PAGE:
In an increasingly digitalised world, HMRC has implemented the Making Tax Digital programme, meaning most businesses over the VAT threshold will now have to keep their records digitally and submit their VAT return using compatible book-keeping software. According to Mel Stride MP, Financial Secretary to the Treasury, ‘Delivering Making Tax Digital for VAT is the first step toward our ambition to create one of the most digitally advanced tax authorities in the world.’
The programme was developed with the aim of ‘giving businesses more control over their finances, allowing them to spend their time focusing on innovation, growth and the creation of jobs,’ but how will small businesses cope with the changes? Accountant Chris Bailey of Bailey Group explains a little more.
‘Essentially up until now, if you’re VAT-registered, all you had to do (in the simplest terms) is fill in a form on HMRC’s website and that’s your VAT return done,’ Chris explains. ‘You just filled the form in and then they collected the VAT by direct debit – you didn’t need a book-keeping package, you could do it in a book. As long as you could show them how you got the figures if they came and asked, that was fine.
‘As of 1st of April, the whole world changed. What happens now is that businesses have to record their transactions digitally. HMRC has now closed what was their gateway, so you can no longer just go on there and enter the figures into their system – you have to send a digital record of your transactions to them.’
But what exactly does a digital record entail? ‘You can’t record it on an Excel spreadsheet; you can’t write it down in a book; you have to use a compatible book-keeping package that records things digitally. Most of these cost around £25–£30 a month, and these costs will soon add up for small businesses,’ says Chris. ‘This change won’t affect big businesses, because they’re using this software already,’ Chris explains. ‘But if you think of your average small, North East business, how many of them are also accountants on the side?’
This means that every quarter, when VAT returns are due, the small business-owner will either have to do their returns themselves, and risk a fine if it’s filed incorrectly, or pay a visit to their accountant four more times a year.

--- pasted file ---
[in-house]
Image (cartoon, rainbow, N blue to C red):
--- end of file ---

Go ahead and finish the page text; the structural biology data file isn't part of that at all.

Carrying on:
‘Obviously I am an accountant, and now I’m faced with four times the amount of work. Do you think the average fish and chip shop owner, for example, can afford four times as many accountancy bills? Of course not. We do however have a solution that’s going to keep costs down for small businesses.
‘We’re launching what we’re calling the “Scan Van”. Inside these vans will be a scanner, a printer and computer, and we will physically go to a business, scan all their records, invoices and whatever else they have, and that will then automatically be uploaded into our accounting system and be sent off to HMRC,’ says Chris. ‘We’ll take the pain out of it for them.’
And come 2020, businesses of all sizes will have to go digital. ‘There’s going to be a de minimis limit for income of about £10,000 a year,’ says Chris. ‘So if you rent out three houses, you’re going to be affected.’
If Chris had to give one piece of advice to small business owners, it’s knowing exactly where you stand so that no mistakes are made. ‘Ask yourself the simple question of “am I VAT-registered and do I do my books on a book-keeping system that is compliant?”,’ he says. ‘If you use one of the big systems like Sage or Xero you’re probably already compliant, but if not then you won’t be. And then you need to ask yourself if you’re confident in your own record-keeping, because if not and you send the wrong return in, there will be a fine.’
Although HMRC have stated that they will take a ‘light touch approach’ to penalties for incorrect records while businesses get to grips with the new system, it’s clear that this is a massive change for business owners. If you need any help with Making Tax Digital,